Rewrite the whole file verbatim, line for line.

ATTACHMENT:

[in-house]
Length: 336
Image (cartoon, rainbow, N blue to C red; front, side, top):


[in-house]
Length: 336
Image (cartoon, rainbow, N blue to C red; front, side, top):